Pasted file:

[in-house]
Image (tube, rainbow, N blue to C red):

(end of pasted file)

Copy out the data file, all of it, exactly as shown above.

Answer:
[in-house]
Image (tube, rainbow, N blue to C red):